“The Efficacy of the Medieval Longbow: A Reply to Kelly DeVries,” War in History 5, no. 2 (1998): 233-42.

“An Unknown News Bulletin from the Siege of Tournai in 1340,” War in History, 5, no. 3 (1998): 358-366.

“The Scottish Invasion of 1346,” Northern History, XXXIV (1998): 51-69.

“Three New Accounts of the Neville’s Cross Campaign,” C. J. Rogers and M. C. Buck. Northern History, XXXIV (1998): 70-81.

“The Age of the Hundred Years War,” in Medieval Warfare: A History, ed. Maurice Keen (Oxford: Oxford University Press, 1999): 136-160.

“A Continuation of the Manuel d'histoire de Philippe VI for the Years 1328-1339,” English Historical Review, CXIV (1999): 1256-1266.

“ ‘Military Revolutions’ and ‘Revolutions in Military Affairs’: A Historian’s Perspective” in Thierry Gongora and Harald von Riekhoff (eds.), Toward a Revolution in Military Affairs? Defense and Security at the Dawn of the 21st Century. (Westport: Greenwood Press, 2000): 21-36.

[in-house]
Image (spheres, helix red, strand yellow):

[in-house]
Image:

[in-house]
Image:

"The Anglo-French Peace Negotiations of 1354-1360 Reconsidered," in The Age of Edward III, ed. James Bothwell (York: York Medieval Press, 2001): 193-213.

“‘As If a New Sun Had Arisen:’ England’s Fourteenth-century RMA,” in The Dynamics of Military Revolution, 1300-2050, ed. MacGregor Knox and Williamson Murray (Cambridge: Cambridge U.P., 2001): 15-34.

"By Fire and Sword: Bellum Hostile and 'Civilians' in the Hundred Years War,” in Civilians in the Path of War, ed. Mark Grimsley and Clifford J. Rogers (Lincoln: University of Nebraska Press, 2002): 33-78.

“Clausewitz, Genius, and the Rules,” Journal of Military History, 66 (2002): 1167-76.

“The Vegetian ‘Science of Warfare’ in the Middle Ages,” Journal of Medieval Military History 1 (2003): 1-20.

“The Bergerac Campaign (1345) and the Generalship of Henry of Lancaster,” Journal of Medieval Military History 2 (2004): 89-110.

“The Medieval Legacy,” Early Modern Military History, ed. Geoff Mortimer (London: Palgrave, 2004): 6-24.

“Henry V’s Military Strategy in 1415,” The Hundred Years War: A Wider Focus, ed. L. J. Andrew Villalon and Donald J. Kagay (Leiden: Brill, 2005): 399-427.